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HomeUncategorizedProposed public notice legislation, costly for local governments?

Proposed public notice legislation, costly for local governments?

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By ROCCO MAGLIO

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The Public Notices Reform Bill has been introduced in both the Florida House of Representative and the Senate. Randy Fine (R-Palm Bay) introduced House Bill 1235 and Dennis Baxley (R-Ocala) introduced Florida Senate Bill 1676. These bills would allow governments in the state to advertise their own legal notices on their websites as well as open up the ability to private entities to contract for this service.

The bills recognize that there is a group of people who do not use the Internet. To allow these people and others to stay informed the bills require first class mailing of all notices to people who request that the notices be sent to them.

Randy Fine stated the “Public Notice Reform Act would increase accessibility to Public Notices, save taxpayers hundreds of millions of dollars.” Mr. Fine does not provide how he arrived at the figure of hundreds of millions of dollars. In Florida there are 66 county governments (Duval County is consolidated into Jacksonville) and 75 school districts along with over 400 municipalities (city, towns, villages, etc). These government entities are required to publicize certain actions with legal notices along with certain private legal events requiring legal notices. It does not seem that the estimated “hundreds of millions” in savings take into account the first class mailing of notices to parties who have requested them.  Under the proposed legislation, for Hernando County, a quarter of a page legal notice would actually be more expensive than carrying the notice in the newspaper, if a hundred people requested that the legal notice be mailed to them. That is in consideration of postage costs alone, not counting staff hours spent on the mailings.

The purpose of a legal notice is to inform the public when an event that affects them is taking place. For instance, it is necessary to publish Notice to Creditors when someone passes away, so people who are owed money can collect before their assets are passed on. Other cases are when a local or county government is having a public meeting, changing an ordinance, or proposing a tax rate.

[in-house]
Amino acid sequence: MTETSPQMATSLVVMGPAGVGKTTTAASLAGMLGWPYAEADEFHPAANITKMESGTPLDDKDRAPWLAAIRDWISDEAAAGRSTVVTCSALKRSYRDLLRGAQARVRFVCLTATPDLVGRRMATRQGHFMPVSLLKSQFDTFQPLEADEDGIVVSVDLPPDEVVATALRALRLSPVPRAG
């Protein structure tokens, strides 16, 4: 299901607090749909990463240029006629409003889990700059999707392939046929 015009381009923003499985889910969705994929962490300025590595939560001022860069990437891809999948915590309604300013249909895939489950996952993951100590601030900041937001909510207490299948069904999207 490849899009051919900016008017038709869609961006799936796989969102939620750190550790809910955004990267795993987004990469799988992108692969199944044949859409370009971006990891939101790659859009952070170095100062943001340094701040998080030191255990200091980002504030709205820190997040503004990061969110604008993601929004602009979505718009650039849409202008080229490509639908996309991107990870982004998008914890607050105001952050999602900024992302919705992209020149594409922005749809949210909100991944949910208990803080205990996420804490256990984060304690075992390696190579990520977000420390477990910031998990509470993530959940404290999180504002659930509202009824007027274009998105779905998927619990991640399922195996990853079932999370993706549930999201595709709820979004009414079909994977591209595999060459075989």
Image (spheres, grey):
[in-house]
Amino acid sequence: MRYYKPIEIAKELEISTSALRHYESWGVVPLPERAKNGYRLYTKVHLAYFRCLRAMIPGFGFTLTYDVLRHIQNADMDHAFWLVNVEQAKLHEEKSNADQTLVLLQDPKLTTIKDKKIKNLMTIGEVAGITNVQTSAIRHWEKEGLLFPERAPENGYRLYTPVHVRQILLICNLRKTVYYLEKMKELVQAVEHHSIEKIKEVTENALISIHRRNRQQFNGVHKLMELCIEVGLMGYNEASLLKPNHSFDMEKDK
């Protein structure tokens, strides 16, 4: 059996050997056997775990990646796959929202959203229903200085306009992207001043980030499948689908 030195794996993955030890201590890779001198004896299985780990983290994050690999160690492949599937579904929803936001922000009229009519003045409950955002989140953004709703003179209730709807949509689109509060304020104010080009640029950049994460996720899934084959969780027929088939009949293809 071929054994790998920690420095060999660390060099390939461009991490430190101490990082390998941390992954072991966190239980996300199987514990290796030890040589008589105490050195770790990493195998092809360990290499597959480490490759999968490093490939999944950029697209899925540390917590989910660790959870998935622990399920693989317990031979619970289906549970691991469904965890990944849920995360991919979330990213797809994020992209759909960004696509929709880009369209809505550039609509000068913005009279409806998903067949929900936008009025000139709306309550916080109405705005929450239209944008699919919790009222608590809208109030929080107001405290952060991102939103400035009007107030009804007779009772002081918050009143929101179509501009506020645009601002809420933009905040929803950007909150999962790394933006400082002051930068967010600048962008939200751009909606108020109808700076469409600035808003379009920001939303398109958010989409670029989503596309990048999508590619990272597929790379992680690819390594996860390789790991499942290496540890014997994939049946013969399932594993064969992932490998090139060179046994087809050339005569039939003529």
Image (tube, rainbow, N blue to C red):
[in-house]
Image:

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In the past, notices in some instances were not widely distributed, so only an exclusive group knew when important events were happening. This prevented the public from having an opportunity to have their say in matters. In the case of Notice to Creditors, lack of notice could lead to unrecoverable debts. The notices were required to be carried in newspapers to ensure that the notices were available to the public to prevent this from happening again.

The current public notice law requires a newspaper to be recognized by the USPS as a periodical, which takes more than a year to achieve. The difficulty of achieving the designation prevented people from quickly getting into the business of carrying legal notices. This is important since if a notice is not properly advertised, not only is the public harmed by not having a chance to know what is happening, but the advertiser of the notice can potentially have the entire processed started by the notice reversed. If a government did not properly notice their meetings, a judge could overturn things that happened at those meetings and actions taken as a result of decisions made in that meeting.

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